Clot-busting drugs may pose a serious hazard to heart- attack patients by increasing their bleeding risk, research has shown.

A study of more than 40,000 heart-attack patients found some drug combinations tripled or quadrupled the chances of bleeding. Hospital admissions for bleed episodes were associated with a three-fold increased risk of death or recurrent heart attacks.

The researchers warned that great care should be taken when offering heart-attack patients certain anti-clotting treatments. Blood-thinning drugs are routinely used to save the lives of people who have suffered a heart attack. But a balance has to be struck between the medicines' ability to prevent clots blocking arteries and the chances of them causing bleeding from internal ulcers and cuts.

The 16-month study compared combinations of aspirin, clopidogrel, and vitamin K antagonists such as warfarin. Researchers found that, in comparison with aspirin alone, clopidogrel increased the risk of bleeding 1.3 times and vitamin K antagonists 1.2 times. Combinations of aspirin plus clopidogrel raised the risk 1.5-fold, and when aspirin and vitamin K antagonists were combined the risk almost doubled. Pairing clopidogrel and vitamin K antagonists led to a 3.5-fold increase in risk, and triple therapy involving all three drugs quadrupled the risk.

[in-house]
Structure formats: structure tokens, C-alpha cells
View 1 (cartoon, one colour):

The findings are published today in The Lancet medical journal. The researchers led by Dr Rikke Sorensen, from Copenhagen University Hospital, concluded: "Non-fatal bleeding is... associated with increased risk of recurrent heart attack or death."